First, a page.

Report: The True Cost Of Food Is Three Times What Americans Pay For It [Infographic]
A new report has found that Americans are only paying a third of their food’s true value. Published by The Rockefeller Foundation, the research states that total food expenditure in the U.S. comes to $1.1 trillion each year, a figure that includes production, processing and retail and wholesale costs while excluding post-retail costs such as food service, preparation and disposal.
The level of expenditure is significantly higher when hidden factors absent from the retail price are brought into the equation, however. When elements such as human health complications, biodiversity loss, the impact on the environment and the economy are added in, the figure rises by an estimated $2.1 trillion to reach a true cost of some $3.2 trillion per year.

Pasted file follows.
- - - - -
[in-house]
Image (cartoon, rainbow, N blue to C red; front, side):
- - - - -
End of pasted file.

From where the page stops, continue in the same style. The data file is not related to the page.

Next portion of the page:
At $1.1 trillion, human health was by far the greatest driver of hidden food costs. It takes into account the share of direct medical costs attributable to diet as well as associated productivity loss. For example, obesity results in an estimated $359 billion in direct medical costs and lost productivity per year while other health complications such as hypertension, cancer and diabetes add up to just over $600 billion.
The report states that “understanding the true cost of the food we consume is a first and necessary step towards remaking the incentive structure that drives our food system today and, ultimately, transforming it”. Tellingly, it adds that the true cost of food “disproportionately burdens people of color who are more likely to suffer from diet-related diseases, have less access to water and sanitation, and often work in food production jobs for less than a living wage”.